Therefore, 9% of \$84 = \$7.56.

Example 7.   How much is 3% of \$247?

Solution.   3 × 247 = 600 + 120 + 21 = 741.

Therefore, 3% of \$247 = \$7.41

Example 8.   How much is 11% of \$76?

Solution.   11 × 76 = 760 + 76 = 836

Therefore, 11% of \$76 = \$8.36.

These are simple problems that do not require a calculator.  For more such simple problems, see Lesson 28.  To learn how to do percent problems with a calculator, see Lesson 13.

Area of a rectangle

What is "1 square foot"? 1 square foot is a square figure in which each side is 1 foot.

We abbreviate "1 square foot" as 1 ft².

Now here is a rectangle whose base is 3 cm and whose height is 2 cm. What do we call the small shaded square?

Since each side is 1 cm, we call it "1 square centimeter."  And we can see that the entire figure is made up 2 × 3 or 6 of them!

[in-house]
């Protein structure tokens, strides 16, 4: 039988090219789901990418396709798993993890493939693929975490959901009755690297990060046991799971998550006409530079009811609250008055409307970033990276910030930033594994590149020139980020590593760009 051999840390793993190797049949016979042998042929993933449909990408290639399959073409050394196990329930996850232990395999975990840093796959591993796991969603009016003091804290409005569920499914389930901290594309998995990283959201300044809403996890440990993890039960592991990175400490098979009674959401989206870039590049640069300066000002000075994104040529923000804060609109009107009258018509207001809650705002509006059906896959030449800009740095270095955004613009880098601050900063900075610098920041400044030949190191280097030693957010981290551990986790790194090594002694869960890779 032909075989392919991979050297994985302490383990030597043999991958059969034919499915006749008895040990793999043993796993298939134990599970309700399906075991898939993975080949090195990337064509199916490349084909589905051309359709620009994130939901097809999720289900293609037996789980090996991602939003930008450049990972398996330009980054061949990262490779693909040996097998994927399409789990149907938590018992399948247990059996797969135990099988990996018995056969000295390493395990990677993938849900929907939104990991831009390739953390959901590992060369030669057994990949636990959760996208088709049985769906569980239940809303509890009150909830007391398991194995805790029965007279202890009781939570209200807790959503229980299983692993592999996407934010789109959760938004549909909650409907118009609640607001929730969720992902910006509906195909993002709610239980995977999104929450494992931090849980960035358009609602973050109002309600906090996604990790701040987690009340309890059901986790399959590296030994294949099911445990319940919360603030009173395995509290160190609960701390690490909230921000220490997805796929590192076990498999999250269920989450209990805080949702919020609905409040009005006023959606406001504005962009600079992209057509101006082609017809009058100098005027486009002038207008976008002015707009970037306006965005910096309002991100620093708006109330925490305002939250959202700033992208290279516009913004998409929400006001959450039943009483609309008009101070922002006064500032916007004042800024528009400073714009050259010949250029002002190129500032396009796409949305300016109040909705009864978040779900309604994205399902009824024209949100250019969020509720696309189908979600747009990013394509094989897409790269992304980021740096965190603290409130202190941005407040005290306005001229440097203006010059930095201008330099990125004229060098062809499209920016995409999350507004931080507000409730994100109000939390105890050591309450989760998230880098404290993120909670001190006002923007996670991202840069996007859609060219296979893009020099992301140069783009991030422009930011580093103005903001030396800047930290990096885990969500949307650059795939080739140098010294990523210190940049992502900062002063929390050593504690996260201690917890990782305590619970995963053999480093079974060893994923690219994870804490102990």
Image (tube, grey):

In other words, the area of that rectangle -- the space enclosed by the boundary -- is 6 square centimeters:  6 cm². If the rectangle were 3 by 3 -- that is, if it were a square -- then it would be made up of 9 cm².  If it were 3 by 4, the area would be 12 cm². And so on.  In every case, to calculate the area of a rectangle, we multiply the base times the height.

Area = Base × Height

When the length is measured in centimeters, the area is measured in square centimeters:  cm².  And similarly for any unit of length.

We have illustrated this with whole numbers, but it will be true for any numbers. If the base is 12 in, and the height is 6.5 in, then to find the area, multiply

12 × 6.5.

Now,

12 × 65 = 650 + 130 = 780

Therefore on separating one decimal place (6.5):

Area = 78 in²

Please "turn" the page and do some Problems.